By Darren Buford
Originally published in Massage & Bodywork magazine, October/November 2005.
Complementary and alternative medicine continues to gain acceptance in many of the nation’s most prestigious medical institutions. The newest college to incorporate nonconventional medical training is the University of Pennsylvania, which has moved to include acupuncture, herbal remedies, and massage therapy into its curriculum. The university will pair with Maryland’s Tai Sophia Institute to instruct medical students. Of the 125 medical schools in the United States, 95 now require at least some coursework in CAM.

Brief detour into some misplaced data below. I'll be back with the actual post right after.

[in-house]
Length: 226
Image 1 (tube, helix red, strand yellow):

In related news, the Program in Integrative Medicine at the University of Arizona is introducing Botanical Foundations, a new online course offering continuing education credit for many health-related professions.
The three-month course includes history and philosophy, preparations, quality control, research, toxicology, and more, taught by Tieraona Low Dog, M.D., advisory board member for the National Institutes of Health’s National Center for Complementary and Alternative Medicine. The program now also offers an online course called Nutrition and Cancer, which offers a diet foundation for prevention and treatment.